The school year is underway, and my mind is on those students in every elementary school, every middle school, and every high school who are struggling in one way or another. Perhaps their challenge is academic, perhaps behavioral or social. Or maybe they struggle with basic daily activities (getting dressed, brushing teeth, etc.). Children and teens with these challenges walk the halls of every school. Maybe it sounds like your student, or one you know.
What we established in part 1 of this post is that these issues may very well have underlying causes, and until they are addressed, students, parents, and teachers will all be frustrated.
We shared with you the Pyramid of Learning (go back and see), showing that before academic learning can take place, several other elements must be present – the most vital of which are the Hidden Senses. In this post, we’ll unpack these senses for you!
The vestibular system is our sense of movement and balance. The inner ear contains the receptors which are activated when our head moves and changes positions in regards to gravity. Along with the visual and auditory systems, it tells us about our position in space.
Essentially, the vestibular system informs us if we are moving – and if so, what direction and how quickly. It is the system primarily responsible for keeping us in balance, responding to gravity and alerting us to know which way is up. The vestibular system is also important because it communicates with our muscles to keep our posture upright and helps to integrate the two sides of our bodies so they can work seamlessly together. In addition, the vestibular system coordinates the working together of the head, neck and eye movements.
- Signs of an over-responsive vestibular sense: withdrawing from others; being overwhelmed by movement; quick to become dizzy; afraid to leave the ground (swinging or playing on playground equipment);poor balance/clumsy; and difficulty with hand-eye coordination (i.e. catching a ball).
- Signs of an under-responsive vestibular sense: difficulty sitting/standing still (i.e. they are always on-the-go); seeking out movements such as jumping, spinning, etc.
Where the vestibular system is activated by receptors in the inner ear, the proprioceptive system is activated by various receptors throughout our muscles, joints, ligaments, and tendons. As a result, these receptors provide our bodies with feedback pertaining to the following: the force necessary for a muscle to use to perform a task (i.e. writing not too hard and not too soft), knowing where a specific part of our body is in space (without seeing it), and the feedback needed to perform both fine (small) and gross (large) movements/activities. The same receptors are also responsible for providing our brain with constant feedback which is crucial for obtaining postural tone and balance.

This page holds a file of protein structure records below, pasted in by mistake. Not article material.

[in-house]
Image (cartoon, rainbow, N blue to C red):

A child that has proprioceptive challenges may present with signs such as writing too hard/too soft, chewing and biting objects, wanting deep pressure (i.e. tight clothes, purposefully jumping or crashing into things), pushing, playing rough, poor motor planning and body awareness (i.e. bumps into people and objects, difficulty riding a bike), and poor postural controls (i.e. slumps, must rest head on desk while working).
It is easy to see how a child with these underlying difficulties can become frustrated with school and feel defeated. With the right help, they can begin to behave at an age-appropriate level and perform academically. But first, they need to be taught strategies to help their bodies become regulated so they are at an optimal sensory state to learn.
Below is a basic guide of common terms regarding sensory processing disorder and signs. It is a very complex subject, but we are here to help! Please reach out to firstname.lastname@example.org or call (540) 324-5330 for more information, to have your questions answered, or to set an appointment!